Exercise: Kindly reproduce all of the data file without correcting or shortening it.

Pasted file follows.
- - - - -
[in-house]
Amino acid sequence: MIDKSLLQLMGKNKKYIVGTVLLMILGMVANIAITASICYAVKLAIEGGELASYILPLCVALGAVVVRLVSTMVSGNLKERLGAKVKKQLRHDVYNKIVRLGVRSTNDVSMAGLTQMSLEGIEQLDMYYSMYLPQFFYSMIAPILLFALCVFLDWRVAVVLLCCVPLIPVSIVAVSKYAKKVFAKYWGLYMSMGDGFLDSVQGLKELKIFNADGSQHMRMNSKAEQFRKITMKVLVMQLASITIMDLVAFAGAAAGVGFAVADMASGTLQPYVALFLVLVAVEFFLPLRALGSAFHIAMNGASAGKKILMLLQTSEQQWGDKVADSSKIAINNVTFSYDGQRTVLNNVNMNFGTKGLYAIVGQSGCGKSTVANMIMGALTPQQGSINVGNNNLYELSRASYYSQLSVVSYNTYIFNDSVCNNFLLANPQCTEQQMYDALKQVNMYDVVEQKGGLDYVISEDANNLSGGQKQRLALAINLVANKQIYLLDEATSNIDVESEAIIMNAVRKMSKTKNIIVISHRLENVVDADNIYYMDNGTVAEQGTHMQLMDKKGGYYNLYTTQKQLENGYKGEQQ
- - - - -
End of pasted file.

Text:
[in-house]
Amino acid sequence: MIDKSLLQLMGKNKKYIVGTVLLMILGMVANIAITASICYAVKLAIEGGELASYILPLCVALGAVVVRLVSTMVSGNLKERLGAKVKKQLRHDVYNKIVRLGVRSTNDVSMAGLTQMSLEGIEQLDMYYSMYLPQFFYSMIAPILLFALCVFLDWRVAVVLLCCVPLIPVSIVAVSKYAKKVFAKYWGLYMSMGDGFLDSVQGLKELKIFNADGSQHMRMNSKAEQFRKITMKVLVMQLASITIMDLVAFAGAAAGVGFAVADMASGTLQPYVALFLVLVAVEFFLPLRALGSAFHIAMNGASAGKKILMLLQTSEQQWGDKVADSSKIAINNVTFSYDGQRTVLNNVNMNFGTKGLYAIVGQSGCGKSTVANMIMGALTPQQGSINVGNNNLYELSRASYYSQLSVVSYNTYIFNDSVCNNFLLANPQCTEQQMYDALKQVNMYDVVEQKGGLDYVISEDANNLSGGQKQRLALAINLVANKQIYLLDEATSNIDVESEAIIMNAVRKMSKTKNIIVISHRLENVVDADNIYYMDNGTVAEQGTHMQLMDKKGGYYNLYTTQKQLENGYKGEQQ